Initially, SGMiner was developed to mine scrypt based coins. However, with the latest update, SGMiner GM 5.5.8, you can also mine Ethereum (ETH), Ripple (XRP), and ZCash (ZEC).

mining program code for ethereum

Before You Set Up SGMiner

The first thing you need to do is get a wallet to transfer the coins you mine. For simplicity’s sake, in this tutorial, we will go with the Litecoin wallet. You can decide which wallet you want to use depending on the coins you will mine.

Also, before running SGMiner, you need to have the following assets libraries on your computer:

curl dev library https://curl.se/libcurl/

curses dev library

pkg-config https://www.freedesktop.org/wiki/Software/pkg-config/

libtool http://www.gnu.org/software/libtool/

AMD APP SDK https://developer.amd.com/tools-and-sdks/


Once you download these assets and libraries, it’s time to download the mining software. For that, you can go to genesis mining’s SGMiner GitHub page and download sgminer-gm.zip for windows or sgminer_ubuntu64 for Linux.

Then, you need to join a mining pool. Even though you can mine solo in theory, as said before, it is strongly recommended that you join a mining pool because mining solo is not profitable at all. Once you sign up for a pool, go to the Worker Bots page and select your worker’s name and password.

How to Set Up SGMiner

Go back to the file you’ve extracted SGMiner into. Don’t open the miner.exe yet. Open a Notepad file and enter the following settings. This Notepad file is going to be your bat file. These settings are just average values to get you started. You need to fine-tune them according to your system specifications later on.

For Windows:



For Linux:

export DISPLAY=:0



After entering the lines above, you need to add another line. This line tells SGMiner the information it needs to know about your pool. Go to your Pool page and find your stratum and port information, then enter the following line, modified according to your specifications.

  • For single pool: sgminer -o http://pool:port -u username -p password
  • For multiple pools: sgminer -o http://pool1:port -u pool1username -p pool1password -o http://pool2:port -u pool2usernmae -p pool2password
  • Single pool with a standard http proxy on a regular desktop: sgminer -o “http:proxy:port|http://pool:port” -u username -p password
  • Single pool with a socks5 proxy on a regular desktop: sgminer -o “socks5:proxy:port|http://pool:port” -u username -p password
  • Single pool with stratum protocol support: sgminer -o stratum+tcp://pool:port -u username -p password

For more advanced settings, you can always run SGMiner –help.

Once you’re done with it, select Save As and go to the folder you extracted SGMiner to. The filename should be StartMiner.bat, and the save as type should be All Files, not txt. The bat file will be associated with the Tuning SGMiner.exe. When you open it, it will read over the exe file. This way, you don’t have to enter the specifications each time you run your miner.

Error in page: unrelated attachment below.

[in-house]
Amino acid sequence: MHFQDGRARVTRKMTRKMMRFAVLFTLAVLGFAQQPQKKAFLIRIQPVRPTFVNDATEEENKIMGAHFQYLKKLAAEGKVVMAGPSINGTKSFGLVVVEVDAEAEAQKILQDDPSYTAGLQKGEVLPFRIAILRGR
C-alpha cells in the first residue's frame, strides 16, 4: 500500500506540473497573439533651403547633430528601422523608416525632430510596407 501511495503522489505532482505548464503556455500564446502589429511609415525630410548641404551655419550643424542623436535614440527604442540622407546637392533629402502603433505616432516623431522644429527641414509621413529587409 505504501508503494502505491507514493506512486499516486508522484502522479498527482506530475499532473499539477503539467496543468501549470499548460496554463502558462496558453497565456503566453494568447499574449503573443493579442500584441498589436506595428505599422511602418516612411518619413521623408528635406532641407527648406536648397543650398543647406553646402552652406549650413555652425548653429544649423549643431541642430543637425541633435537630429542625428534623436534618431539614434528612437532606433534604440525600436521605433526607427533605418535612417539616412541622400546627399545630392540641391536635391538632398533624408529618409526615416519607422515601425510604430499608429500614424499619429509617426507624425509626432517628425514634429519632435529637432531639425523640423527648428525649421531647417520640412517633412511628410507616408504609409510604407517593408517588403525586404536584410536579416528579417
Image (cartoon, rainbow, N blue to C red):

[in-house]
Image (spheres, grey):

To run SGMiner, double click on the bat file. It should open up a cmd prompt.

GPUs on white background

How to Tune SGMiner

If you somehow set the parameters above your GPU’s capacity, your SGMiner might stop mining due to misconfiguration.

Your GPU version is very important when mining scrypt-based coins as some drivers might halt the process before it’s done, while others might give lower hash rates. This is why you should try the latest driver update first.

If you come across such a problem, the solution differs for every GPU model, and you should look for the solution specific to your device’s model.

Some machines come with Open Computing Language (OpenCL), a framework for parallel programming on GPUs, which significantly increases GPU performances, but sometimes it may get into conflict with the AMF APP SDK, which is a portable multimedia framework that is used to abstract away API specific details. If that happens, consider removing redundant OpenCL vendors.

The Parameters You Need to Tune SGMiner

You can easily tune SGMiner with the parameters you want it to run on by adding the following commands to the last line you added on the bat file: –intensity XX (-I XX).

You need to find the optimum intensity for your GPU on a scale of 0 to 31. If you have HW errors – the HW value on your cmd prompt when you run SGMiner represents your HW errors – you probably need to lower your intensity rate. If not specified, the default setting will yield poor hash rates. You can refer to the shaders option for further fine-tuning: –shaders XXX. For best results, enter the number of shaders your GPU has.

The next command you can use is: –thread-concurrency, which represents the optimal volume of workload that your GPU can apply on scrypt. Obviously, the optimum value depends on your GPU. You are advised to spend some time experimenting with it to find the optimum point to make the best out of your processor.

Theg command is used occasionally when you want to mine on low intensities. If you wish to do so, after determining the optimum shaders and intensity values, start incrementally increasing the g value until the SGMiner fails to start.

The –lookup-gap is another advanced setting for situations when you want to mine on different ram usage levels. If for some reason you need to allocate less RAM on mining, for example, if you want to use your computer for another RAM dependent activity, you can increase the gap value. When increasing it, start from 2 and go up gradually from there until you find the optimum RAM allocation.

A Few Words Before You Go…

The primary goal of every mining software is computational efficiency. Every hardware and software combination has different optimum parameters to work on.

To be able to make the best out of your device, you should do some research on how to personalize the parameters to your best interest. However, while doing so, you should keep in mind that mining cryptocurrency is a very cumbersome task for your GPU, and there are certain risks involved with it that you can read more on in our separate article.

About The Author

Tanmay Headshot
Written by


Tanmay Patange, an expert in emerging tech with a focus on blockchain, AI, and machine learning, brings a wealth of knowledge to his articles.

His transition from television journalism to crypto reporting and his work with Blockbold underscore his deep commitment to advancing mainstream understanding and adoption of Web3 technologies.